The Professional Writers Association of Canada (formerly the Periodical Writers Association of Canada) represents professional freelance writers working in Canada's magazine, newspaper, corporate writing, government writing and book publishing industries. For more information about PWAC, including how to join, please visit To find a Canadian writer, please visit

Friday, March 31, 2006

Geist Copyright Lecture

The very fast-talking Prof. Michael Geist, Canada Research Chair in Internet & e-Commerce Law at the University of Ottawa, gave the 2006 Hart House Lecture last night in Toronto. His topic, of course, "Cultural Monopoly & The Trouble With Copyright." PWAC staff attended.

Geist did an impressive job of boiling down the history of copyright law in Canada, using incredibly rapid powerpoint slides. His take home point: the copyright landscape has changed, and continues to change at an almost unfathomable pace. While traditional stakeholders (his term) in copyright (the creators, producers and secondary copyright holders) continue to have their voices heard within the ongoing process of copyright reform, a new class of stakeholder has emerged -- the user -- and this new class is demanding a new vision for copyright. The moment has arrived, according to Geist, to choose the kind of copyright law we want for Canada's future. He advises us to choose wisely.

Comments from PWAC's Executive Director, John Degen, who was in attendance:

I enjoyed the lecture immensely. That said, I wish Geist had resisted the urge to take yet another public swipe at former Heritage Committee Chair, Sam Bulte, who was defeated in the last federal election. I felt this irrelevent and very personal criticism -- Geist showed a video clip of Ms. Bulte being ridiculed and embarrassed at an all candidates meeting -- marred an otherwise fair-minded and balanced analysis of current copyright challenges and opportunities. The nasty public attacks on Ms. Bulte during the last election, which Mr. Geist unintentionally inspired with a blog posting questioning the ethics of some of her campaign funding, crossed a line in my opinion.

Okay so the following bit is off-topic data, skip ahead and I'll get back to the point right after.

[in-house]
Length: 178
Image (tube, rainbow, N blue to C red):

Ms. Bulte is widely criticized for labelling her critics "pro-user zealots," and fair enough (a very, very poor choice of words from a politician), but what is so often ignored in the analysis of Bulte's defeat is that she was targeted by a very organized interest group, and relentlessly bullied on this issue during her campaign. If we are discussing campaign financing in Canadian federal elections, then Bulte is probably a fair target, but we're talking about copyright, and on copyright Bulte put in more good work than anyone else during the last session of Parliament. Disagree with her opinion on copyright? -- fine. Paint her as crooked on copyright? Well, I'm not sure that stuff has a place in a Hart House lecture.

At no time did Geist ever appear, in my opinion, soft on copyright. In fact, he stressed several times that he stands for strong copyright laws. He is simply proposing some intriguing changes to the current law, based on his analysis of the current landscape for the creation and use of copyrighted material. For example, I asked the following question:

As a writer, I have been challenged on the current life + 50 years term of copyright for my work. I have been asked, "Why should you retain copyright for your work fifty years, or even one year, after you're dead? After all, you're dead. That work should immediately transfer to the public domain as your contribution to the world's knowledge base." Can you give me the answer to this question, from the creator's point of view.

Geist's reply was that he would propose not a single, across the board, static term for copyright (life + 50 years), but rather a series of terms, some of which would be easily renewable, based on the type of material being copyrighted and on the owner of the copyright. If I understood him correctly, he stands for protecting a writer's moral and material interest in their work for a set term, and for possibly making that term renewable, should there be ongoing material interest in the work from which the writer, or writer's immediate family, could benefit.

What writer could argue with that?

And so, the long, long copyright reform process in Canada continues with new energy. If we could just drop the negative politics, we might actually get somewhere everyone wants to go.

Tuesday, March 28, 2006

Canadian writers on the podium

Interesting writing-related press release from the government today:

Australian Students receive Canadian Books as Part of Commonwealth Games Legacy

March 28, 2006: